Big catches are the stuff of dreams, despite conditions

Paul Hatch shows off a magnificent 40lb 5oz mirror carp which he calls Bonnie caught from Billingf

Paul Hatch shows off a magnificent 40lb 5oz mirror carp which he calls Bonnie caught from Billingford Lakes. Paul, from Norwich, spent two days walking around the lakes spotting the fish before he baited up a couple of spots with boilies. - Credit: Archant

We're fishin' in the rain, just fishin' in the rain. What a glorious feelin', we're fishin' again.

We're laughin' at the clouds, so dark up above, but the sun's in our hearts on the river we love.

Not quite the same as the lyrics sung by Gene Kelly in the 1952 film, but certainly in tune with the anglers orchestrating some quite phenomenal catches of roach and bream on the tidal River Yare on Saturday.

This was the fourth round of the Nisa Feeder series. Showers were forecast.

Showers? A relentless four-hour tropical monsoon was a more apt description.

You may also want to watch:

Amazingly, fish fed throughout the torrent on a split tide, marked by quality catches that were the stuff of dreams during such inclement weather conditions.

With the early ebb running crystal clear, Dusty Kidell (PWA) set out his stall for roach at peg 47. He sowed seeds of hemp and tares and his pole tactics produced a fabulous harvest totaling 30lb 4oz.

Most Read

By contrast, Ian Bailey (Dukes) stuck to the feeder rig with worm to claim runners-up spot from 143 with 26lb of mainly skimmers, followed by John Taylor (Sensas Mk1), who netted 24lb 8oz of roach from 46.

Considering the conditions, this was a truly amazing match where 54 anglers finished with double figures. This result will maintain enthusiasm for the Saturday series come what may and encourage a sell-out field to turn up at this venue for Sunday's Feeder Championship.

The annual Eastern Region Police Championship staged on the rivers Bure and Thurne was won by the Suffolk outfit with 14 penalty points, followed by Norfolk on 18 and Essex with the same score, but a lower aggregate.

Individual winner on the day was R Week (Suffolk) with 33lb 14oz from Cold Harbour, followed by T Rodgers (Herts) with 27lb 8oz from St Benets.

On the match lakes, Dave Jarvis (Suffolk AD) headed the Railway with 115lb 6oz, Kevin Clarke (Mulbarton) won at Hill Farm with 105lb 11oz and Paul Gardiner topped Barford Sunday with 156lb 8oz.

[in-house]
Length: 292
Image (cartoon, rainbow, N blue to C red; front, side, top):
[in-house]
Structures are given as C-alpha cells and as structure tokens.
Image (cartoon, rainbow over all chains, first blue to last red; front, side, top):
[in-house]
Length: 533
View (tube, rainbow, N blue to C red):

Club anglers bagged up too. At Wicklewood, David Newitt won the Billys event with 163lb 4oz, while at Bergh Apton, Jason Rowell led Zenith with 160lb.

Gareth Ward topped Mulbarton with 138lb 5oz at Bridge Farm, Litcham and Roy Turton completed the Aylsham double at Reepham, his best 113lb 11oz.

Adrian Scarfe headed Attleborough at Barford with 101lb while Nat Kopti crashed out 204lb 2oz with Oddfellows at Colton.

n Two of the top angling organisers in Norfolk and Suffolk have heartedly endorsed last week's proposal to take younger generations to the water by staging frequent well organised junior contests.

Both are respected parents and grandparents who complain that overbearing child protection law is deterring genuine adult volunteers coming forward.

Norwich and District Angling Association secretary Tony Gibbons said: 'Properly organised junior competitions offering attractive prizes would drive us forward to revive a sport which is seriously threatened. Steps have to be taken to hammer out a more formative blueprint for the future, for at present our sport is dominated by the elderly getting older.

'We are bogged down by severe legislation that requires sensible reform.'

That point was emphasised by Suffolk's leading event organiser Andy Wilson-Sutter.

'Years back I introduced primary school kids to angling activity and took them to watch senior matches to give them an appetite to fish against each other. It resulted in producing some of today's top match anglers.

'That's how to revive junior interest, but we have to unravel some of the tight knots of red tape that are holding us back.

'I say lower some of the legal barriers.'

Become a Supporter

This newspaper has been a central part of community life for many years. Our industry faces testing times, which is why we're asking for your support. Every contribution will help us continue to produce local journalism that makes a measurable difference to our community.

Become a Supporter